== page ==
Vietnamese among the most socially conscious consumers: global survey

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A woman shops at a supermarket in Hanoi. Photo: Reuters A woman shops at a supermarket in Hanoi. Photo: Reuters


Vietnamese consumers are the most socially-conscious among Southeast Asians, with 86 percent expressing their willingness to pay extra for products and services from firms which are committed to positive social and environmental impact, a new Nielsen survey found.
The survey also showed that consumers in Southeast Asia are the most willing globally to pay more for sustainable products and services.
Eight in 10 consumers in Southeast Asia prefer to buy socially responsible brands, compared to only 51 percent in Europe and 44 percent in North America, the survey found. 
“Consumers are trying to be responsible citizens of the world, and they expect the same from corporations. Committing to sustainability might just pay off for consumer brands,” Connie Cheng, Head of Shopper Insights for Nielsen in Southeast Asia, North Asia and Pacific, said in a statement.
According to the Nielsen report, sales of consumer goods from brands with a demonstrated commitment to sustainability grew more than 4 percent globally in the past year, while those without grew less than 1 percent.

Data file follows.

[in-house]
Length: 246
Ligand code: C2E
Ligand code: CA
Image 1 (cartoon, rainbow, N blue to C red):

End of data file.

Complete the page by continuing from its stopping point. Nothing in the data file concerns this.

“Integrating sustainability into their business models and objectives helps society and at the same time, raises goodwill toward their brands”, said Cheng. “Companies with strong reputations outperform others when it comes to attracting top talent, investors, community partners, and importantly, consumers.”
Health and wellness
One of the top sustainability factors that influence purchasing for 77 percent of Vietnamese consumers is health and wellness, according to the survey.
Moreover, products made with fresh, natural, or organic ingredients carry similar weight with consumers in Vietnam.
“Finding opportunities to bridge health benefits and the ingredients that support the claim is a powerful and impactful way to connect with consumers,” said Cheng.
Equally important among consumers in Vietnam is brand trust. 
Cheng said brands that have already built a high level of trust with consumers would do well by evaluating where best to introduce sustainable products into the market to drive growth.
“Bigger global consumer-goods brands that overlook sustainability increase reputational and business risk. It leaves them vulnerable to competitors of all sizes who will seize the opportunity to build trust with the predominantly young, socially-conscious consumers looking for products that align with their values,” she said.
The survey also found that commitment to the environment has the power to sway product purchase for 62 percent of consumers in Vietnam.
The Nielsen survey polled more than 30,000 consumers in 60 countries across the globe between February 23 and March 13, 2015.
Consumers were asked how much influence factors such as the environment, packaging, price, marketing, and organic or health and wellness claims had on their purchase decisions.
While the survey seems to paint a very positive picture about Vietnamese consumers, it remains a question to what extent that picture reflects the reality. 

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